Now that he has joined their core of top-tier players, the time has come to pay him. The Lightning have roughly $5 million in salary cap space this summer, which will obviously not be enough to pay a 22-year-old winger coming off of a 40-goal, 90-point season whose best days are still ahead of him. They will be placing Ryan Callahan on LTIR, giving them another $5 million to work with and that will certainly help in the short-term. Point won’t be a $10 million player, but the Lightning also have an upcoming arbitration situation with Adam Erne and three more significant RFA’s next summer (starting goalie Andrei Vasilevskiy, forward Anthony Cirelli, and defender Mikhail Sergachev). All of that is going to add up, and you have to wonder if it might make a forward like Alex Killorn (four more years at $4.45 million per season) expendable.

Vancouver Canucks

This is an underrated and overlooked nightmare situation. The Canucks three-highest paid players are Loui Eriksson, Tyler Myers, and a 33-year-old Alexander Edler (all making $6 million per year), while they also have around $14 million going to the quartet of Brandon Sutter, Tanner Pearson, Antoine Roussel and Jay Beagle. A classic case of a bunch of small mistakes adding up to one big headache that hurts a team in trying to keep its stars. They only have $5 million in salary cap space to re-sign Boeser, their second best player and one of the best young snipers in the league. That is not enough. They need to move as many of the aforementioned contracts as they can, not only to help re-sign Boeser this summer, but to improve their long-term outlook as well.

Boston Bruins

The Bruins’ roster is almost entirely set for the 2019-20 season with two big exceptions: Defensemen Charlie McAvoy and Brandon Carlo. The Bruins have roughly $7 million in salary cap space to make it happen, but that is going to be tight. Like Werenski in Columbus, McAvoy has earned a substantial contract extension with his play. Carlo may not be a star, but he is a rock-solid defender that needs re-signed. Together, they might cost at least $10 million. Shedding one of David Backes, Charlie Coyle, Kevan Miller, or John Moore would help.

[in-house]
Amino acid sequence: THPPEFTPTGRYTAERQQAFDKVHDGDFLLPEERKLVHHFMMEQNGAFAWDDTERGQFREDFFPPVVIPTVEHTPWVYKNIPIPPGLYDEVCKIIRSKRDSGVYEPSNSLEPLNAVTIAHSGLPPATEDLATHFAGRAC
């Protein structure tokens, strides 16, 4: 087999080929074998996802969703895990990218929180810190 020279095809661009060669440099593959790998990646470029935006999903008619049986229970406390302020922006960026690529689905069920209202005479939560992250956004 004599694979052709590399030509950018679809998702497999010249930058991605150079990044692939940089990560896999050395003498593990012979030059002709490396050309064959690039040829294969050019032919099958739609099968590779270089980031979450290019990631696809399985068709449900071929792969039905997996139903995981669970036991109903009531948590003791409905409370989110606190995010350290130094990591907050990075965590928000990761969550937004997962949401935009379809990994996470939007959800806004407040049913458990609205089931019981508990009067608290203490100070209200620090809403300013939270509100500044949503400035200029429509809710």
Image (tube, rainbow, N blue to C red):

More NHL Offseason:
Bruins face salary cap juggling act with McAvoy, Carlo
Long-term contracts for depth players is usually losing move for NHL teams
Cap Crunch: Rangers, Penguins, Flames among teams that still need moves

Adam Gretz is a writer for Pro Hockey Talk on NBC Sports. Drop him a line at phtblog@nbcsports.com or follow him on Twitter @AGretz.

How will Winnipeg Jets fill out their roster?

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Of all the 31 teams in the NHL, the Winnipeg Jets have the second highest amount of cap space remaining at this point. Only the Avalanche have more money available than Winnipeg’s $22.872 million, but that cushion won’t last much longer.

The Jets have already lost Jacob Trouba, Ben Chiarot and Tyler Myers on defense, and they still need to re-sign restricted free agents Patrik Laine and Kyle Connor. On the surface, it seems like they have a lot of money to do so, but they also only have seven forwards and six defenders under contract right now. Neal Pionk, who they acquired from New York in the Trouba deal, is also a restricted free agent.

Losing Chiarot and Myers isn’t the end of the world, but replacing them with Nathan Beaulieu, Sami Niku, Pionk or Tucker Poolman isn’t ideal. Finding someone to step in for Trouba will be nearly impossible. The 25-year-old logged over 22:53 of ice time during the regular season and he had 50 points in 82 contests.

So it’s difficult to envision Winnipeg being better on defense this year.